About the Blog

I will post a new entry every few weeks. Some will be new writing and some will be past work that has relevance today. The writing will deal in some way with the themes that have been part of my teaching and writing life for decades:

•teaching and learning;
•educational opportunity;
•the importance of public education in a democracy;
•definitions of intelligence and the many manifestations of intelligence in school, work, and everyday life; and
•the creation of a robust and humane philosophy of education.

If I had to sum up the philosophical thread that runs through my work, it would be this: A deep belief in the ability of the common person, a commitment to educational, occupational, and cultural opportunity to develop that ability, and an affirmation of public institutions and the public sphere as vehicles for nurturing and expressing that ability.

My hope is that this blog will foster an online community that brings people together to continue the discussion.


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Tuesday, April 10, 2018

The Everyday Gestures of Justice

I have over the years subjected readers of this blog to some very long, even essay-length, posts. This time, I offer my shortest, a reflection on the value of small gestures in our teaching.

Asao Inoue, this year’s chair of the Conference on College Composition and Communication, asked a number of members to write brief (200 words max) reflections on the interrelation of literacy, language, and social justice, a topic of special importance these days. The topic can also be daunting—where to begin?—and in this little piece of writing, I simply wanted to remind us of the impact of the work we do in our classrooms—and especially the small but significant ways we demonstrate commitment and decency.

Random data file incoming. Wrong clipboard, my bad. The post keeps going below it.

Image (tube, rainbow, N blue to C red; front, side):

I value the small stuff. The teacher who encourages a hesitant question; who remembers a student’s name outside the classroom; who in discussing a paper suggests a book, a podcast, a movie; who spends an extra five minutes in a conference; who checks in with a student who had difficulty with the last assignment. These are everyday signs of commitment, micro-evidence of care.

                  Over the years, I’ve interviewed a lot of students from kindergarten to adult education, and I’ve been struck by how meaningful the small stuff is to them, particularly to those students who feel out of place and, in some cases, are having a hard time of it. These behaviors register, I think, because of their everydayness, because they seem to flow naturally from who a particular teacher is and therefore are experienced as real, authentic. They signal that you, the student, matter, that your development is valuable, that you belong here.

                  Of course, the big things are important: curriculum, and pedagogy, and professional and political activities beyond the classroom. Of course. But a just and decent world is also created through the moment-by-moment interactions that foster growth and local community.

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